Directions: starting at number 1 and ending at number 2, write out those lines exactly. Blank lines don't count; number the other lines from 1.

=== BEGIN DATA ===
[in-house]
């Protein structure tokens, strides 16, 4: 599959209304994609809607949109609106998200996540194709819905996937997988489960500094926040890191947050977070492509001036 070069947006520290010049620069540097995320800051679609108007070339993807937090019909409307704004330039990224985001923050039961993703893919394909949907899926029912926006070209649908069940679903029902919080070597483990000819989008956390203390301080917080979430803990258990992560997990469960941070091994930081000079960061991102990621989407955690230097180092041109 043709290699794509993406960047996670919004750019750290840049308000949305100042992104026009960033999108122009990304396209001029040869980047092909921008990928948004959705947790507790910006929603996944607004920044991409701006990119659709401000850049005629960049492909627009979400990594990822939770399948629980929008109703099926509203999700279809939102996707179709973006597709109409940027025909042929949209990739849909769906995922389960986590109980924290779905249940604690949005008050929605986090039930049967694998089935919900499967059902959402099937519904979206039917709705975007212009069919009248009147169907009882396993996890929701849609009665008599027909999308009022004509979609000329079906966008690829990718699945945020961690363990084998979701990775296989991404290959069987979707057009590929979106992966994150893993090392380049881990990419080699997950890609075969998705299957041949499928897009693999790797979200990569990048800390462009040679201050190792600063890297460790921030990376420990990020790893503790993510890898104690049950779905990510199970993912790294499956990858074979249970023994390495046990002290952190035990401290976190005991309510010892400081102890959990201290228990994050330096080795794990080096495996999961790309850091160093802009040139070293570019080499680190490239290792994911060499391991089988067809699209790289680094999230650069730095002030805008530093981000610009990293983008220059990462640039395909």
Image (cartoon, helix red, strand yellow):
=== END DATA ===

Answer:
[in-house]
């Protein structure tokens, strides 16, 4: 599959209304994609809607949109609106998200996540194709819905996937997988489960500094926040890191947050977070492509001036 070069947006520290010049620069540097995320800051679609108007070339993807937090019909409307704004330039990224985001923050039961993703893919394909949907899926029912926006070209649908069940679903029902919080070597483990000819989008956390203390301080917080979430803990258990992560997990469960941070091994930081000079960061991102990621989407955690230097180092041109 043709290699794509993406960047996670919004750019750290840049308000949305100042992104026009960033999108122009990304396209001029040869980047092909921008990928948004959705947790507790910006929603996944607004920044991409701006990119659709401000850049005629960049492909627009979400990594990822939770399948629980929008109703099926509203999700279809939102996707179709973006597709109409940027025909042929949209990739849909769906995922389960986590109980924290779905249940604690949005008050929605986090039930049967694998089935919900499967059902959402099937519904979206039917709705975007212009069919009248009147169907009882396993996890929701849609009665008599027909999308009022004509979609000329079906966008690829990718699945945020961690363990084998979701990775296989991404290959069987979707057009590929979106992966994150893993090392380049881990990419080699997950890609075969998705299957041949499928897009693999790797979200990569990048800390462009040679201050190792600063890297460790921030990376420990990020790893503790993510890898104690049950779905990510199970993912790294499956990858074979249970023994390495046990002290952190035990401290976190005991309510010892400081102890959990201290228990994050330096080795794990080096495996999961790309850091160093802009040139070293570019080499680190490239290792994911060499391991089988067809699209790289680094999230650069730095002030805008530093981000610009990293983008220059990462640039395909």